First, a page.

As a life-long baseball fan and something of a student of the game, what to think?
As for if it was going to happen, I never had any doubts. I perhaps thought that Bonds might (at the far, far end) might retire amidst the controversy that makes me so ambivalent about this accomplishment.
Whenever such a record is surpassed, it is a notable day for the sport in question, and for baseball, yesterday was no different. What I could not help but notice was that this story was about fifth in the network and PBS newscasts...whatever goes on in baseball, the rest of the mostly cruel joke of modern life goes on I guess.
On one level, I must say "bully" to Mr. Bonds, if for nothing else, for being here to do it. That was no easy record to break (even if it took the equivalent of lying to Congress to do it), and well, good for you.
Then there is the other level, where I feel indignant about the achievement of a true athlete like Hank Aaron being topped by a suspected steroid fiend like Barry Bonds and I get pissed off. "How dare he," I and countless others say. Hell, even Bud Selig phoned in his congrats. What the hell message does that send?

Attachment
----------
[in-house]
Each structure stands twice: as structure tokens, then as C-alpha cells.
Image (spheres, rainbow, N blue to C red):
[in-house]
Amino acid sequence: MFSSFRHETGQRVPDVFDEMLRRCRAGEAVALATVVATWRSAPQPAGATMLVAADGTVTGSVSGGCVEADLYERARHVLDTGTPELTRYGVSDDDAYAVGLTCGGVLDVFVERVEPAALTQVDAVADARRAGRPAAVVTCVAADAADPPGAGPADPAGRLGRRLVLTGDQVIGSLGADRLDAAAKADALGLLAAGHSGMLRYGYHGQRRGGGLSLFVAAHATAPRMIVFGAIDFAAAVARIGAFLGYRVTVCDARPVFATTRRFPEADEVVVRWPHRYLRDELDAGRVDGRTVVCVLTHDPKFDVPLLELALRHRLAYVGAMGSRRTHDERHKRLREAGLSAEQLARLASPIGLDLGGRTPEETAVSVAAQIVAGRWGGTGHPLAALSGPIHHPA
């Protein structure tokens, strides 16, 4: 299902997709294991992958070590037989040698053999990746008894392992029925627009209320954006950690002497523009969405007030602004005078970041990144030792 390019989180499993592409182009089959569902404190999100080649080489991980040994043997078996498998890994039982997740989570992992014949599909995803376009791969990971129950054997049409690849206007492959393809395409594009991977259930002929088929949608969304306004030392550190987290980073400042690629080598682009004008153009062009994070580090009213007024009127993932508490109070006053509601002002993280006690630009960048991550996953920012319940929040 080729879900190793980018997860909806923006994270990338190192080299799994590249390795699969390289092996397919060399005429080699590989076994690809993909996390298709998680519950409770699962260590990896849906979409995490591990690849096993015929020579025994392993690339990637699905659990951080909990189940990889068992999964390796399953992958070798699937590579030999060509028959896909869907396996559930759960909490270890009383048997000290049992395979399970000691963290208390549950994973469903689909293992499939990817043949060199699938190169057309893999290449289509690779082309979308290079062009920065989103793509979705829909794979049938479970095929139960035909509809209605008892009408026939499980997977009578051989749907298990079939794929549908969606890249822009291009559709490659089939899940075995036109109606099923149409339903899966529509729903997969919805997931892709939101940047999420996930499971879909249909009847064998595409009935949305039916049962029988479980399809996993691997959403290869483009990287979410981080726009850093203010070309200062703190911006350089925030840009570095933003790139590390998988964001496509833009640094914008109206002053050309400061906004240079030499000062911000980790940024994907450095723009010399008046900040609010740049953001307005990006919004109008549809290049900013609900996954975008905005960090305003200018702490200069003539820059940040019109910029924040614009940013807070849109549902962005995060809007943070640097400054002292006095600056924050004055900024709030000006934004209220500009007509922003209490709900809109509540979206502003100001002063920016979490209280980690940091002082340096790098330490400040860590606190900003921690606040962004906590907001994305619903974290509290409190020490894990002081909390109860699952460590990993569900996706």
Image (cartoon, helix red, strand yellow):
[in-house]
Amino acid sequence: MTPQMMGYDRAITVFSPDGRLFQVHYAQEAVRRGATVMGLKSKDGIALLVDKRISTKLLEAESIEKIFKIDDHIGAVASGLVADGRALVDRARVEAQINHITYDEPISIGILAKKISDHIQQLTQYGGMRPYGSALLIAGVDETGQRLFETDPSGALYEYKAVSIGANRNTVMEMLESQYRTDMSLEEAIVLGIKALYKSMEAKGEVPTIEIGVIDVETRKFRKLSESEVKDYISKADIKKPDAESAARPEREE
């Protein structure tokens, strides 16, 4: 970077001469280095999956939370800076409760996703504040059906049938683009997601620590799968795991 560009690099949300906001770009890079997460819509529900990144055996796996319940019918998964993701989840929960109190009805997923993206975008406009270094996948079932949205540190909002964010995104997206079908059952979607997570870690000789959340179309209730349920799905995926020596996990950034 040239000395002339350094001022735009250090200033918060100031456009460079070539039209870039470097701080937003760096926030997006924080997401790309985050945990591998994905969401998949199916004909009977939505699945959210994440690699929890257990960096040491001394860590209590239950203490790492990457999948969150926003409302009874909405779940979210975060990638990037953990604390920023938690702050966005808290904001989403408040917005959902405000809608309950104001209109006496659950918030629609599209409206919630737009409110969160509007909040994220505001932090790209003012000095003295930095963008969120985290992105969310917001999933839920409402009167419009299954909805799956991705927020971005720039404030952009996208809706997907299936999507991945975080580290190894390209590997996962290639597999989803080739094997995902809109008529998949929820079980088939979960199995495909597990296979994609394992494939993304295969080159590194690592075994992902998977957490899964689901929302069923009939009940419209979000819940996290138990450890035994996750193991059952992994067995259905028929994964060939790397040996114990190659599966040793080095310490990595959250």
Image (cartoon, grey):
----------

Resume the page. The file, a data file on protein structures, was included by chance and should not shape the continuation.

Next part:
What it says is that, as Charles Barkley has always been trying to tell us, athletes are not role models nor should they be construed as such. They are people doing a job for large (almost inconceivable) amounts of money and what they do in their personal lives is none of the public's business and even less of a reason to admire these people.
But, wait, Bonds is suspected of reaching these heights through breaking the rules, so what then? Well, I guess he will end up like the greats Joe Jackson and Pete Rose, having all of his records with an asterisk next to them that explains the extraneous circumstances surrounding his feats of prowess. Fate worse than death? Hardly...he did really hit all of those homers, whatever strange chemical cocktail was coursing through his veins at the time.
Will he ever be stripped of these records and refused entry to Cooperstown? I suppose only time will tell on this one, but Pete Rose only gambled on his team and look what happened to him. In our messed-up, Puritan based society, drug use outpaces even gambling in the hierarchy of moral turpitude. If you were to throw in some juicy stories about hookers on the road, well, that would only serve to sweeten the pot, wouldn't it?
Is there a larger lesson to be learned here? If there is, it is a fairly simple one and (to your horror, dear reader) it relates back to economics. It is a simple fact (pointed out by many economists for whom setting up incentive schemes is a favorite indoor sport) that given the right incentives, anyone will cheat. This fact is intensified in such high risk, high reward, high potential for failure worlds as professional athletics.
So, to Barry Bonds, congrats I guess, and if you did break any rules, shame on you. You will have to live with the dreaded asterisk. You will learn to do this.
The real question, then, is will WE learn to deal with it? CAN we? SHOULD we?